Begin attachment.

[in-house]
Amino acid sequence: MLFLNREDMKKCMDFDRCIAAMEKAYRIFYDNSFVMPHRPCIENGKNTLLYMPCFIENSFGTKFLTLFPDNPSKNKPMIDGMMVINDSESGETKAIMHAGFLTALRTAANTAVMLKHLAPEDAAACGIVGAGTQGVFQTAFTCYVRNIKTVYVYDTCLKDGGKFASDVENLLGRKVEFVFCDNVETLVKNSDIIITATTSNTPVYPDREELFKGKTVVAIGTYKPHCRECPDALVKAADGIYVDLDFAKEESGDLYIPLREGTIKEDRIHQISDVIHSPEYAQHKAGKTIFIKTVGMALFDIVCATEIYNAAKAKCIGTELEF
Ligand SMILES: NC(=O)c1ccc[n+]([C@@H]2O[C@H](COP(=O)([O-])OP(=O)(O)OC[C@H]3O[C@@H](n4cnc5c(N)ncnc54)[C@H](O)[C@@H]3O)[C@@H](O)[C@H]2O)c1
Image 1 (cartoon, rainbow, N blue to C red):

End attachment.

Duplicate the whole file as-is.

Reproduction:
[in-house]
Amino acid sequence: MLFLNREDMKKCMDFDRCIAAMEKAYRIFYDNSFVMPHRPCIENGKNTLLYMPCFIENSFGTKFLTLFPDNPSKNKPMIDGMMVINDSESGETKAIMHAGFLTALRTAANTAVMLKHLAPEDAAACGIVGAGTQGVFQTAFTCYVRNIKTVYVYDTCLKDGGKFASDVENLLGRKVEFVFCDNVETLVKNSDIIITATTSNTPVYPDREELFKGKTVVAIGTYKPHCRECPDALVKAADGIYVDLDFAKEESGDLYIPLREGTIKEDRIHQISDVIHSPEYAQHKAGKTIFIKTVGMALFDIVCATEIYNAAKAKCIGTELEF
Ligand SMILES: NC(=O)c1ccc[n+]([C@@H]2O[C@H](COP(=O)([O-])OP(=O)(O)OC[C@H]3O[C@@H](n4cnc5c(N)ncnc54)[C@H](O)[C@@H]3O)[C@@H](O)[C@H]2O)c1
Image 1 (cartoon, rainbow, N blue to C red):